• Involvement of Wnt, Eda and Shh at defined stages of sweat gland development[2] "Sweat gland induction failed completely when canonical Wnt signaling was blocked in skin epithelium, and was accompanied by sharp downregulation of downstream Wnt, Eda and Shh pathway genes. The Wnt antagonist Dkk4 appeared to inhibit this induction: Dkk4 was sharply downregulated in β-catenin-ablated mice, indicating that it is induced by Wnt/β-catenin; however, its overexpression repressed Wnt target genes and significantly reduced gland numbers. Eda signaling succeeded Wnt. Wnt signaling was still active and nascent sweat gland pre-germs were still seen in Eda-null mice, but the pre-germs failed to develop further and the downstream Shh pathway was not activated. When Wnt and Eda were intact but Shh was ablated, germ induction and subsequent duct formation occurred normally, but the final stage of secretory coil formation failed. Thus, sweat gland development shows a relay of regulatory steps initiated by Wnt/β-catenin - itself modulated by Dkk4 - with subsequent participation of Eda and Shh pathways." (this same singling pathway is required for sensory Merkel cell development [3] )
  • Hormones and the pilosebaceous unit[4] "The skin, especially the pilosebaceous unit, can be regarded as an endocrine organ meanwhile a target of hormones, because it synthesizes miscellaneous hormones and expresses diverse hormone receptors."
More recent papers  
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Search term: Gland Embryology | Integumentary Gland Development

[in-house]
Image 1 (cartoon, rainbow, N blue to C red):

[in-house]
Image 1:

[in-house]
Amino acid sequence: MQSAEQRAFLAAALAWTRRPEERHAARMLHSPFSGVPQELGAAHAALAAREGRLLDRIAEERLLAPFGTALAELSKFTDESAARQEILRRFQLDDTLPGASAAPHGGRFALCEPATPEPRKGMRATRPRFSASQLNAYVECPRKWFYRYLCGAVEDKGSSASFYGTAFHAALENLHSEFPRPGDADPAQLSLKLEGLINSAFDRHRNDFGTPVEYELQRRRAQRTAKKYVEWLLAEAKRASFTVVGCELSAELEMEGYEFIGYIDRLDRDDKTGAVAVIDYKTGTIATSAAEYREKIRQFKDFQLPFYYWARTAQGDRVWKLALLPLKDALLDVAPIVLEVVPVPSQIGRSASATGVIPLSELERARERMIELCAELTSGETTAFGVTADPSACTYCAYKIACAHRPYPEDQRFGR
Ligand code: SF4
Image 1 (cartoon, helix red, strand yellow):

• Human Embryology (2nd ed.) Larson Chapter 14 p443-455
  • The Developing Human: Clinically Oriented Embryology (6th ed.) Moore and Persaud Chapter 20: P513-529
  • Before We Are Born (5th ed.) Moore and Persaud Chapter 21: P481-496
  • Essentials of Human Embryology Larson Chapter 14: P303-315
  • Human Embryology, Fitzgerald and Fitzgerald
  • Color Atlas of Clinical Embryology Moore Persaud and Shiota Chapter 15: p231-236

Development of Glands

Two main surface types, sweat and sebaceous, with a number of specialized glands in integumentary regions (lacrimal, Meibomian).

  • both ectodermal in origin
  • form as ingrowth of ectoderm into the mesoderm

Secretion Mechanisms

Merocrine Apocrine Holocrine
Merocrine secretion animation.gif Apocrine secretion animation.gif Holocrine secretion animation.gif

Sweat Gland

Humans have two types of sweat glands are present in humans, differing in secretory mechanism, number, histological appearance and sweat composition.

  1. merocrine (~eccrine) sweat glands (majority)
  2. apocrine sweat glands (minority)
  • apocrine in axilla, pubic and nipple regions
    • see also mammary gland development

Sebaceous Gland

Adult skin sebaceous gland histology Adult skin sebaceous gland histology

Adult skin sebaceous gland histology

  • associated with hair development
  • except plans penis and labia minora